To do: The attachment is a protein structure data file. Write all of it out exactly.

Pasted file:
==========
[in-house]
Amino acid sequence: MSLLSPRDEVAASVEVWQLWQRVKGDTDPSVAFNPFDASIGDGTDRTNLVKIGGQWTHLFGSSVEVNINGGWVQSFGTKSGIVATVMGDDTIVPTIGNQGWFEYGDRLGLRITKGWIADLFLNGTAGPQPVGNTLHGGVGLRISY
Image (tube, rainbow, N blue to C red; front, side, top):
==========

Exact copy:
[in-house]
Amino acid sequence: MSLLSPRDEVAASVEVWQLWQRVKGDTDPSVAFNPFDASIGDGTDRTNLVKIGGQWTHLFGSSVEVNINGGWVQSFGTKSGIVATVMGDDTIVPTIGNQGWFEYGDRLGLRITKGWIADLFLNGTAGPQPVGNTLHGGVGLRISY
Image (tube, rainbow, N blue to C red; front, side, top):